While Prey is about a rapacious corporation that performs inhumane experiments on unwilling volunteers, Arkane also has a keen eye for innocent low-key absurdity. What other first-person shooter lets you evade obstacles by turning into an ambulatory coffee cup, using the game’s mimicry power? Side quests introduce you to mad scientists who meddle with nature, but also a lot of bored office workers who hold tabletop role-playing games in off-hours, use a high-tech gun that shoots glue-like balls to build a snowman named “Glooey McGlooface,” and write obsessive documentation for a top-secret Nerf crossbow design.

Each playthrough adds a bit to your existing knowledge of the station’s layout and possibilities, until you feel like a seasoned master of Talos-1, capable of taking on any threat the Typhon can muster. Once you experiment enough with different combinations of powers and weapons, you can start feeling very capable indeed. The first time I saw a two-story-tall creature dubbed simply “Nightmare,” I cowered. When I tried for a more assertive playthrough, I figured out exactly why it was appearing, when to run from it, and when to stand and fight. And the more you learn about little station mini-dramas, the better you understand yourself — or at least understand Morgan, whose family runs Talos-1.

Arkane has an eye for innocent low-key absurdity

But even as Prey rewards absorbing knowledge, you can’t trust anything the game tells you. This often happens on a small scale, since one type of enemy mimics objects in your surroundings, including weapons and health items. But it’s also a larger theme. Morgan spends the game being ordered around by multiple personality backups with memories that are more or less up to date, named after the months in which they were created. As the game progresses, she has to answer for actions taken in a past she can’t remember. The more you explore the station, the more its glitzy design feels like a facade. Eventually, Prey calls into question everything you’ve taken for granted about its world.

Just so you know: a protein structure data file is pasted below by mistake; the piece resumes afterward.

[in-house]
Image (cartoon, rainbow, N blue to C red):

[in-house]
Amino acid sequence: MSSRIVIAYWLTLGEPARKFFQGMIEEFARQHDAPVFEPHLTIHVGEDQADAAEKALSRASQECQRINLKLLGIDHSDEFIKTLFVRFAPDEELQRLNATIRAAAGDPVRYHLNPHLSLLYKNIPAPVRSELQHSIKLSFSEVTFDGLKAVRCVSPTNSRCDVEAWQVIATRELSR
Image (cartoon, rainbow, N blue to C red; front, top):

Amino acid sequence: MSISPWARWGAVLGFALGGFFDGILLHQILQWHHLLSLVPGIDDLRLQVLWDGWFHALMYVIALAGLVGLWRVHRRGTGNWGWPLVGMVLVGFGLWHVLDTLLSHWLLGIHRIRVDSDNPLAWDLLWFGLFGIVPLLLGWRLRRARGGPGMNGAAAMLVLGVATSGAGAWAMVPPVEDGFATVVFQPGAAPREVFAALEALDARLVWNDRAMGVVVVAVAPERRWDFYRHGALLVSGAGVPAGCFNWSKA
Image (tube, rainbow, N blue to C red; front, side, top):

Prey’s spiritual predecessor System Shock 2 features one of the best-known twists in video game history: a scientist who’s been helping you survive turns out to be a malign artificial intelligence, using you for her own ends. This twist was reworked in BioShock to comment on the way that games pretend to offer self-determination, while guiding players down a predetermined path. Prey takes an even more direct tack. Without getting too specific, it opens up the possibility that you’re looking at a moralistically skewed version of Talos-1 and its inhabitants, and that everything video game-y about Prey is there by design.

Earlier this year, I actually spoke to one of Prey’s creative leads about this idea, and he seemed a little surprised at my interpretation. But that’s what’s fun about the game. It’s flexible enough to support a player like me, who wants to indulge in hyper-paranoid fan theories — or somebody who just wants to shoot monsters with a glue (sorry, “GLOO”) gun.